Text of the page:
As RIM’s executives check-out of Florida’s Orlando World Centre many people will be wondering if enough has been done to change the Canadian manufacturer’s fortunes. The BlackBerry brand once revolutionised the mobile world but now RIM is fighting to keep up with the runaway success of Apple and Android, struggling to find a new direction that will entice consumers back.
RIM has had to suffer the difficulties of seeing customers losing interest in the very thing that it did best – physical QWERTY keypads. Much of the smartphone-buying public has turned its attention to the large touchscreens made by Apple, Samsung and others, and the standard BlackBerry design now looks a little fiddly in comparison to the large, black slabs.
However, the BB10 features that were shown off at BlackBerry World 2012 point towards a brighter future with some very impressive things going on. The new OS is designed from the ground up and will offer something completely new to users with developments that can rival those of the biggest manufacturers.
The highlight is the BB10 camera feature that allows you to time-shift a photo to correct mistakes, a brilliant idea which shows that RIM is very much capable of being an inventive and creative force in the mobile world. Other aspects of BB10, such as the flowing menu system allowing multitasking and the incredibly intuitive onscreen keypad show that RIM has armed itself well before they take on companies that have been making large touchscreen devices for years.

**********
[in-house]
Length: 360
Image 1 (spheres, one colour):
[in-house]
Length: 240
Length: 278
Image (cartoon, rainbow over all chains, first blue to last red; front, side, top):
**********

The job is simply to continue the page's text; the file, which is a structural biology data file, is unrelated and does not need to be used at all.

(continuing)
That change in the Canadian firm’s direction, from physical to onscreen keypads, is something that was made clear during BBW 2012, with developer’s devices being given out that were based around a 4.2-inch touchscreen. However, RIM CEO Thorsten Heins put the fears of some BlackBerry traditionalist to rest when he announced that the manufacturer would not be eliminating physical keypads from its range completely and would be looking at producing such devices following the BB10 launch. RIM clearly doesn’t want to move too far from its hardcore consumer base but it looks as if what little we have seen of the BlackBerry London is set to become a more standard BlackBerry design of the near-future.
Another point that is very much in RIM’s favour is the feedback from guests at the BlackBerry Jam developers-only event which ran concurrently with BlackBerry World 2012. In the past it has been said that the BlackBerry App World is very difficult for developers to work with and this is in part the reason why the number of apps available for the platform has fallen far behind Apple and Android. Developers have said that the new OS is very easy to work with and, with them also having the incentive of a $10,000 bonus, this could see a ruck of great, new apps being designed specifically for the platform.
Whatever RIM comes up with will have some stiff competition this year, with Samsung having just announced the Galaxy S III and a new iPhone coming at some point further on. Both will be big sellers and tempting consumers back to the once-loved BlackBerry brand will not be an easy task, even with the fantastic new software that has been demonstrated. RIM’s fate remains to be seen but for now the manufacturer has at least demonstrated that it can still be at the very forefront of mobile phone technology.